The call to Christian discipleship is not only a call to believe, it is also a call to belong. When you believe in Jesus and begin to follow Him you find yourself in the company of other believers with whom you share a unique relational bond. The fellowship within the family of believers is one of the great joys of the Christian life, but with that joy comes responsibility. That is the focus of this final section of the letter to the Galatians.
Paul begins verse 1 with a family term, “brothers”, reminding us that while we should carefully maintain our personal relationship with Jesus (v.4-5), we have family responsibilities, too. We bear the responsibility for our own walk with the Lord, but we also bear a burden of responsibility for others in the household of faith (v.2, 5, 10). So there is a necessary balance to walking in the Spirit, and it is hinted at in the previous chapter. In the list of the “fruit of the Spirit” some of the characteristics mentioned in Galatians 5:22-23 are inward and personal (joy, peace, self-control) while others can be expressed only in the context of a relationship (love, patience, kindness, gentleness).
All of the outwardly-focused traits of the Spirit-filled life must be put to use when a brother or sister falls into sin (v.1). The natural response of the flesh is to judge that person, making ourselves look better in comparison to them (v.3-4), or to deal with them harshly, finding a kind of sick satisfaction in jerking them back into line. But the response of the Spirit is to gently, patiently help them to be restored to full fellowship with the Lord and His people.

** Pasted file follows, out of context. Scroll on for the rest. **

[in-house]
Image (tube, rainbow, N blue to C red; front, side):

This is sometimes messy, time-consuming work. It is seldom done quickly or easily. There is a reason Paul encourages us to “not grow weary” and “not give up” as we help a brother or sister (v.9), but it is so worth it. As another passage reminds us, “Whoever brings back a sinner from his wandering will save his soul from death and will cover a multitude of sins” (James 5:20). When we sow seeds of loving concern and gentle restoration, we reap a harvest of spiritual vitality in the church (v.8).
Do you know someone who has fallen into sin? Someone who was once faithful to Christ and involved in His work — but now broken, ashamed, and separated from the fellowship of the church? Pray for them now. Contact them today. If you don’t, who will? Ask the Lord to help you to bear their burden and restore them to usefulness. Someday it might be you (or me) who needs the restoration.